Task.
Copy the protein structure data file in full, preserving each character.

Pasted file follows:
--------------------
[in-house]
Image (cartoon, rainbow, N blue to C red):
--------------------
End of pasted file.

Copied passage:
[in-house]
Image (cartoon, rainbow, N blue to C red):